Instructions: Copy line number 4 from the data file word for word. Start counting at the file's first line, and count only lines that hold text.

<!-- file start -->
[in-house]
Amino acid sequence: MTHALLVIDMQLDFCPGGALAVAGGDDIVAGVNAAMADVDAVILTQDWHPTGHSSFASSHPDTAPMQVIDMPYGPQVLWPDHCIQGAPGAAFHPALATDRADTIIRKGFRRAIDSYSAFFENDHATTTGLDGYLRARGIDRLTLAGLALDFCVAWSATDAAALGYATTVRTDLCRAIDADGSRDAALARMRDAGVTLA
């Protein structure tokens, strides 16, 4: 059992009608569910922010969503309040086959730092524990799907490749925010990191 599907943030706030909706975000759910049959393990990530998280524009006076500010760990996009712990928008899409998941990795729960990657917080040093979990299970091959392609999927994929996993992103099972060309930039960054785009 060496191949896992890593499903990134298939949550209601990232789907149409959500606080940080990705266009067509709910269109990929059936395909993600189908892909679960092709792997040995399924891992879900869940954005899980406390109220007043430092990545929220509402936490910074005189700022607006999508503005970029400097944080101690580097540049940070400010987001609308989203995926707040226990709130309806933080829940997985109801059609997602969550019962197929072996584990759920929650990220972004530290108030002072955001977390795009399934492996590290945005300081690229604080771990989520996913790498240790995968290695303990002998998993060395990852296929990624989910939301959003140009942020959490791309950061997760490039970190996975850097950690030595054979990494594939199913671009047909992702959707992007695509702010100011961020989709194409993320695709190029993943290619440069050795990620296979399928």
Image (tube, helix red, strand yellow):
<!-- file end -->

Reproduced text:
Image (tube, helix red, strand yellow):